You probably have heard of the Kru of West Africa who were a very strong-willed and independent group of people that could not be captured into slavery. Originally from Liberia, the Kru were also found in parts of Sierra Leone and Gambia and were a fishing community that had skill in swimming and sailing with great knowledge about the navigation on sea to other parts of West Africa and Africa at large. Due to this skill, they developed a great bond with the Westerners and were hired as sailors to help them navigate through West Africa.
According to several sources, the word Kru was developed from the nickname given to this group of people by the Westerners who called them members of the ‘crew’. Originally, they are from tribes such as the Klao, Bassa and the Grebo. An article written by Face2Face Africa explores their interaction with the Westerners and how they resisted and fought slavery.
Another way the Kru sailors of Liberia greatly influenced West Africa was through music and their unique way of playing the guitar and the concertina, however, it is the guitar that would later become an important part of African music and lead to the development of Highlife music in Ghana, spreading throughout Africa and parts of Central Africa like Congo.
The Kru sailors learnt to play the guitar from the Westerners who played it on the ships and boats to entertain themselves while travelling for days on the sea. Before being introduced to the guitar, the Kru men were conversant with similar string instruments such as the kora and lute which were popular in West Africa. This made learning the guitar very easy.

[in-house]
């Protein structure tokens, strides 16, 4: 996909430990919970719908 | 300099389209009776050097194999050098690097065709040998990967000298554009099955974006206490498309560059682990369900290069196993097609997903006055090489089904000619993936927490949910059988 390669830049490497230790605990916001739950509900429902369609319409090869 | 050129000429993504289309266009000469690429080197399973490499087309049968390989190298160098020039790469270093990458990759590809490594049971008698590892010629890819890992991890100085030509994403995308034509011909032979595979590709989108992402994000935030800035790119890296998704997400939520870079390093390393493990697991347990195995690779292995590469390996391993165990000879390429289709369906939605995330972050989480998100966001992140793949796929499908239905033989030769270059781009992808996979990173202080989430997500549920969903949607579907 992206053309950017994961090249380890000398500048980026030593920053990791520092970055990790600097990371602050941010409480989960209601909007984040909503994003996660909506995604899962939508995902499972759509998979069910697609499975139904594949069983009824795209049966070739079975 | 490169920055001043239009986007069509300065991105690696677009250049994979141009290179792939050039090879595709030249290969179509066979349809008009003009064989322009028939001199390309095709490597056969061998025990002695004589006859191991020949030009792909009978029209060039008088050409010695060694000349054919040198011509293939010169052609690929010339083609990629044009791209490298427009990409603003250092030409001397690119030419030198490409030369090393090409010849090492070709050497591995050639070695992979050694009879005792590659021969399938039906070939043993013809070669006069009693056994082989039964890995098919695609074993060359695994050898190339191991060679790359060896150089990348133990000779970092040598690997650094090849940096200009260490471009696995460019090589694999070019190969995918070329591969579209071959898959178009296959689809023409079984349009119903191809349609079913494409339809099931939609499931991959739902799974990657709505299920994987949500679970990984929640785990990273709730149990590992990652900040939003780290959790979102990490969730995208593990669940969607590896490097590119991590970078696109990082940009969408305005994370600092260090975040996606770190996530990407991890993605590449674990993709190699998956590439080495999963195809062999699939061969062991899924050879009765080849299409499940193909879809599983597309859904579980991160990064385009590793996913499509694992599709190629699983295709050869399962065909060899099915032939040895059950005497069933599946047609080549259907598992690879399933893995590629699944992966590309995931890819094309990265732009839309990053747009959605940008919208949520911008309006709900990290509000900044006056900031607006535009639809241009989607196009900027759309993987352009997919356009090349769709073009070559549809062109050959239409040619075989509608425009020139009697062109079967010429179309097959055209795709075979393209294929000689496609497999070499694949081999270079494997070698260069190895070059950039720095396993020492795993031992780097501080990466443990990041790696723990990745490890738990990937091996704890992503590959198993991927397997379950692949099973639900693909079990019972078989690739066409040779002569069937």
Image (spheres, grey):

While on stops to other parts of West Africa such as Ghana, Ivory Coast and Nigeria, the Kru sailors played the guitar and caught the attention of the locals who would then learn to play. The Kru sailors taught them how to play Portuguese and Calypso melodies learnt from the Westerners as well as their own incorporated rhythms. However, it was in Ghana that Highlife music began after the locals who lived in small villages along the coast learnt to play the guitar.
In Ghana, the locals who learnt the guitar grew very fascinated with the sounds and adapted the two-finger picking style of playing the local instrument, known as the Seprewa, on the guitar which started a new era of music known as the Palm Wine Music. It was very popular in the rural parts of Ghana which was then known as the Gold Coast.
Today, Palmwine music is known as a genre of traditional music in Ghana which still thrives, however, it also made way for Highlife music which is more popular and influential in today’s modern music.
After a while, palmwine music and the guitar playing style made its way into the more urban parts of Ghana where dance bands were developing. With the introduction of the guitar and the palmwine style of playing it, Highlife music was born.
The term highlife developed from the use of both Western instruments and local ones to create music. The name itself came from the issue of social classes which indicated that such music was usually enjoyed by elite Ghanaians who were high up in the social classes hence ‘high-life ‘music.
Highlife music created huge names in Ghana such as E.T Mensah and also spread throughout West Africa ultimately giving birth to several other music genres in West Africa such as Burger Highlife, Afrobeat, Hiplife, Afro Jazz and several others.
Although Ghana is recognized for the creation of Highlife music which went on to change the face of music from West Africa, the Kru sailors are to be recognized as teaching the skill and unique technique of playing the instrument.